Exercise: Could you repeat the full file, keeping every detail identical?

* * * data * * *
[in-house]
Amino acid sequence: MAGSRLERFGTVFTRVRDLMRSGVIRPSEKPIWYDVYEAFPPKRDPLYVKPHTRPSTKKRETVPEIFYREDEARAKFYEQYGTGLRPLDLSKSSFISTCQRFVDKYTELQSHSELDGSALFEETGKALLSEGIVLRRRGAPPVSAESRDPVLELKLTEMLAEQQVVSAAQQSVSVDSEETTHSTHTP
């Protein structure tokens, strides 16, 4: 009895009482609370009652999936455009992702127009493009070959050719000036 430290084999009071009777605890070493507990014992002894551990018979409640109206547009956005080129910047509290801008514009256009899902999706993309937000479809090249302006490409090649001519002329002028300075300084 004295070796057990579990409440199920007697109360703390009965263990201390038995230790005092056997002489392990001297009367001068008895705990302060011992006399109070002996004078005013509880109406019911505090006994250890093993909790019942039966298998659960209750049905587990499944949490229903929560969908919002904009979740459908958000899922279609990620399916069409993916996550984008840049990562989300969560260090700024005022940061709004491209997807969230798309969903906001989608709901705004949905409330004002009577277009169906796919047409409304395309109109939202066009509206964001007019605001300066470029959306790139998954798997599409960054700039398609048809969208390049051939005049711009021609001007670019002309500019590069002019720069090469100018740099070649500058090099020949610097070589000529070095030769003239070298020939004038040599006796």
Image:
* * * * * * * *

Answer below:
[in-house]
Amino acid sequence: MAGSRLERFGTVFTRVRDLMRSGVIRPSEKPIWYDVYEAFPPKRDPLYVKPHTRPSTKKRETVPEIFYREDEARAKFYEQYGTGLRPLDLSKSSFISTCQRFVDKYTELQSHSELDGSALFEETGKALLSEGIVLRRRGAPPVSAESRDPVLELKLTEMLAEQQVVSAAQQSVSVDSEETTHSTHTP
């Protein structure tokens, strides 16, 4: 009895009482609370009652999936455009992702127009493009070959050719000036 430290084999009071009777605890070493507990014992002894551990018979409640109206547009956005080129910047509290801008514009256009899902999706993309937000479809090249302006490409090649001519002329002028300075300084 004295070796057990579990409440199920007697109360703390009965263990201390038995230790005092056997002489392990001297009367001068008895705990302060011992006399109070002996004078005013509880109406019911505090006994250890093993909790019942039966298998659960209750049905587990499944949490229903929560969908919002904009979740459908958000899922279609990620399916069409993916996550984008840049990562989300969560260090700024005022940061709004491209997807969230798309969903906001989608709901705004949905409330004002009577277009169906796919047409409304395309109109939202066009509206964001007019605001300066470029959306790139998954798997599409960054700039398609048809969208390049051939005049711009021609001007670019002309500019590069002019720069090469100018740099070649500058090099020949610097070589000529070095030769003239070298020939004038040599006796």
Image: